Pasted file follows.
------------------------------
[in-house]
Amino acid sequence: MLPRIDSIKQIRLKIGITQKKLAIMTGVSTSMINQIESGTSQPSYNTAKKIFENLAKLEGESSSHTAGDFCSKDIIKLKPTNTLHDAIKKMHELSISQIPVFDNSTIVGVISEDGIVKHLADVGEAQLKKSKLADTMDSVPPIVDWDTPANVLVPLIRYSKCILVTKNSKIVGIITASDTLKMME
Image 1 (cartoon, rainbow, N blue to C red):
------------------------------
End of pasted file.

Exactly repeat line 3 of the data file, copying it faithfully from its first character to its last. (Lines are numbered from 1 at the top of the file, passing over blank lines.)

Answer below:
Image 1 (cartoon, rainbow, N blue to C red):